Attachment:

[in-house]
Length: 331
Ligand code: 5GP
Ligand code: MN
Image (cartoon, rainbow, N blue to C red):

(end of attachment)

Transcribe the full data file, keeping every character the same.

[in-house]
Length: 331
Ligand code: 5GP
Ligand code: MN
Image (cartoon, rainbow, N blue to C red):